INSTRUCTOR: Joseph Lichter
SCHEDULE: Monday, Wednesday, 12:30AM – 1:45PM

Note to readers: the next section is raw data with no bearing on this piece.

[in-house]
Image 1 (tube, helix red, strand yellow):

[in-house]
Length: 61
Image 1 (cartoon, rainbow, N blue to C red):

In 2019, 3 cities in the United States (Santa Cruz, Oakland, and Denver) voted to decriminalized magic mushrooms. In 2020, a ballot initiative in the state of Oregon is in place to allow for voters to decide whether the state should allow therapy using the psychoactive ingredient in magic mushrooms (psilocybin) as a treatment for managing mental illness, These initiatives are part of the last two decades “psychedelic renaissance”, an international movement showing more interest in psychedelics in both research and clinical applications. More physicians, researchers and policymakers are opting to research psychedelics as treatments for patients in replacement for the decades long failed modern psychiatric medicines used (such as SSRI drugs) and for developing better understanding of the brain and associated mental illnesses. Psychedelics constitute the families of chemical compounds including tryptamines, phenethylamines, and lysergamides. These are known to create altered states of consciousness, euphoria, and neurological stimulation now being explored for potential uses in treating alcoholism, addiction, mental illness, PTSD, OCD and other mental illnesses. Though these psychedelic compounds are federally scheduled as class 1 substances, efforts in biochemical and neuroscience research has helped elucidate structures and associated activities, mechanism of action including the binding to the serotonin receptor 5-HT2A, and neural activation. In this course we will look at the studies done and contextualize how the combination of failures in modern psychiatric medicines, changing perceptions on scheduled drugs (cannabis being the prime example) and a general interest in the scientific community have generated potential for new research and new avenues for treatments. The course will have us look at the history and chemistry of psychedelics, serotonin receptors, neuronal activity and the glutamatergic system, psychedelics and gene expression, research methodologies used with such molecules, why the criminalization, why the continued research and the recent resurgence of interest in the last decade specifically towards therapeutic uses. Students will lead journal club type presentations where they will read and investigate the primary sources on research that has been done. The course will also allow for students to study the policy and any important court cases in the area of psychedelics to better understand the implication of policy change and how any pending changes to the USA’s position on these compounds would need to be handled.